No one has to be a Christian. However, if you are going to call yourself one, and then ignore the most fundamental tenets of the founder, what does that say about you? What would Jesus say about a nation, which invades another, lies about its motives, kills hundreds of thousands of innocent people and does so in His Mother's name? As our drones assassinate at will and we torture and devastate claiming the end justifies the means, how would Jesus react? So many of the same "Christians" who want to claim special status for this nations's founding principles, are thrilled today with the death of Bin Laden.

What about church leaders? What has the Pope or the Archbishop of Canterbury or the National Conference of Catholic Bishops have to say about the killing of Bin Laden? What about the head of the Southern Baptist Conference or the United Methodist Church, have you heard from them? From Catholics to evangelicals, Lutherans to Baptists, the silence is deafening.

If you are honest and sincere in your understanding of the little Jewish carpenter, you know he would condemn the actions of the Seal team just as He would condemn Bin Laden’s actions as well. To claim otherwise is to bastardize the life and death and resurrection of this man. Those who want to claim this is a Christian nation have no problem ignoring most of what Jesus taught and have folded, spindled and mutilated His simple philosophy into something unrecognizable today.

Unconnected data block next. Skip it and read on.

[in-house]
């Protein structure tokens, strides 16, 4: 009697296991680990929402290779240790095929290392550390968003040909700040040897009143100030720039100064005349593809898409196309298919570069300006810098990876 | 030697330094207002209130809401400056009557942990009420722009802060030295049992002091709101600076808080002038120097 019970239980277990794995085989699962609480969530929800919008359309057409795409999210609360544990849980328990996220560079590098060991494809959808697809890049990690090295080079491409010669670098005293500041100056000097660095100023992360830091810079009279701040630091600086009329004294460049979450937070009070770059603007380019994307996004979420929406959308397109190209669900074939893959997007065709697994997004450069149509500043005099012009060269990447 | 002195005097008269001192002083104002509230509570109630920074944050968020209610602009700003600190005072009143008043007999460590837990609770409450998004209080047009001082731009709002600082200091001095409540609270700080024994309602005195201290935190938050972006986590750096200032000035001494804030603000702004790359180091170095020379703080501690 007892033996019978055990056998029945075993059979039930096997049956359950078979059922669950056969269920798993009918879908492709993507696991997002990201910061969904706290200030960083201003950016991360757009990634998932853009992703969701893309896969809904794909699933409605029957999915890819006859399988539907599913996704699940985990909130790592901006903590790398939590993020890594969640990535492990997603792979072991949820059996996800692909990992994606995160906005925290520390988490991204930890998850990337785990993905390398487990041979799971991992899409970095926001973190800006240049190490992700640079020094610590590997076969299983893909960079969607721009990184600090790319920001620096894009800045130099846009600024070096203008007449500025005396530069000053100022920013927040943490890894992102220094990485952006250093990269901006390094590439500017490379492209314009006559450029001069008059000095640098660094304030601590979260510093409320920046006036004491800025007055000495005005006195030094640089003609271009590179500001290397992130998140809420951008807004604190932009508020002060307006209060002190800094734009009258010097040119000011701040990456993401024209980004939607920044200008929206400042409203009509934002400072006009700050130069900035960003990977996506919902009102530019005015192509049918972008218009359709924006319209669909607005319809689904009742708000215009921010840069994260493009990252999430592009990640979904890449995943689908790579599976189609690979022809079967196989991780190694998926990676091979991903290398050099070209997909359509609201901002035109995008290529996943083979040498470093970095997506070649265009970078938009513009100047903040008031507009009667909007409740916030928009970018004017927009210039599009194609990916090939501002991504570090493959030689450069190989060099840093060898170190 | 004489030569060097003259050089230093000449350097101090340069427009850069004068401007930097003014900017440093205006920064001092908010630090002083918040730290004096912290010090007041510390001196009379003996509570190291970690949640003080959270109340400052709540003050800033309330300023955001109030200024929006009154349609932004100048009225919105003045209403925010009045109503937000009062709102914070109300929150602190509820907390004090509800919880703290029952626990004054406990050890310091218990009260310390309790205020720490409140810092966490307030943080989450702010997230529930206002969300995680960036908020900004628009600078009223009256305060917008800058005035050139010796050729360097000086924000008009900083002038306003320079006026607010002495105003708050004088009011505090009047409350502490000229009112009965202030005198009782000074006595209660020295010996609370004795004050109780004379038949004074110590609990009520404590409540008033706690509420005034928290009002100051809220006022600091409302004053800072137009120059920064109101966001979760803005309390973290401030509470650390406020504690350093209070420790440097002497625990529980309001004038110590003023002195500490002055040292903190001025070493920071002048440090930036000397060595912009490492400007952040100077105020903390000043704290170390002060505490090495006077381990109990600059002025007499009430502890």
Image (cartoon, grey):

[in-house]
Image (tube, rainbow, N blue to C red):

So, lets admit a few truths. I too felt elation when I heard the President's announcement. It was an act of revenge. Americans would have been disappointed had he been captured and to killed and would have demanded his death anyway. I consider myself a Christian, but I am flawed and sinful. Sin is a Greek archery term which means, " miss the mark." I miss the mark frequently. I wouldn't be where I am today if I hadn't missed the mark badly. However, I can ask for forgiveness and promise not to do it again. I can try to implement as much of Jesus' philosophy as possible. I can strive to feed the hungry, clothe the naked, heal the sick and visit those in prison. I can have a goal of doing the most for the least of my brothers and sisters. I will still sin, but also continue to draw myself closer to God and feel Her closer to me as I struggle to live the best way I know how.

The question today is this the way most "Christians" approach life or are we a nation of cultural "Christians" who jettison Jesus anytime He becomes a hindrance to what they really want to do anyway?

You are walking with Him and ask Him, "...Master was it right to kill Bin Laden?" What would He say and how would you react?